A week or two ago I received an email via my contact page from the CEO of WebNotes wondering if I would be willing to take a look at his product, which is currently in beta. I said absolutely, as after taking a quick look at the companies page I was really interested in the idea. So after a few emails were exchanged I was the newest member in the WebNotes private beta, and after using it for awhile I have to say, I am impressed.
What is WebNotes?
WebNotes is a web application that allows you to make virtual sticky notes or highlight text on any webpage and then share your notes with anybody you'd like by either sending an email or giving them a link. This is such a simple idea, but it is one that apparently no one has ever thought of before. And I'm sure the technology behind this simple idea is much more complex, but from the user (my) perspective it is absolutely dead simple to use. Read on for a full review...
How to use WebNotes
WebNotes is extremely easy to use. Once I had my beta invite I just went to the site and entered in my email and password, the site then directed me to "install" WebNotes by bookmarking a link.
Once I had that link bookmarked I simply had to click it on any page that I wanted to highlight or add notes to. After clicking the link a WebNotes bar shows up at the top of the page that gives you the tools to edit the page.
Clicking on the "Sticky Note" button brings up a note that you can put anywhere on the page and enter in whatever text you want.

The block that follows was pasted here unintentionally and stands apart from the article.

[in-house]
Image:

If you would rather highlight some text that you find important, just click on the "Highlighter" button and then drag your mouse across said text.
Once you have added all the highlighting and notes you want you can click the "Share this page" button and either send an email or get a direct link. From what I gather the WebNotes server takes a snapshot of the page and saves it, so that your link will be good for as long as WebNotes stays around. The person you send the link to does not have to be a member of WebNotes to see your changes.
This is what your page looks like to whoever you decide to share it with.
As you can see, the whole process is dead simple. Ease of use was clearly one of the biggest design goals by Ryan and his team, and it shows. This is such a great idea, and one that just about everybody online could make use of. But more important than just a great idea, it has been implemented extremely well. One thing I didn't go over, is that you can categorize all of your pages into any number of folders, making it extremely simple to become a great bookmarking tool with the added benefit of saving all your notes. I used to use Delicious quite a bit, but now that I have WebNotes I probably won't be using it again. I can do a lot more with WebNotes and the social aspect of Delicious was never that big of a deal to me.
Not sure what the business model would be here, most likely get a lot of users and get bought out by (Insert Big Web Company Here). They could of course have advertising in the toolbar, or charge more for added features, like perhaps colloborative editing which is something I would love to see. I don't really want to get caught up in stuff like this though, as Ryan has created a great product that I love using.
The possible uses of WebNotes are really endless, so I encourage you to try it out and let me know what you think in the comments! WebNotes is currently in a closed beta, but Ryan was gracious enough to give me a 25 beta invites, so if you want 'em leave a comment with your email address or send me an email directly from the contact page. First come first serve!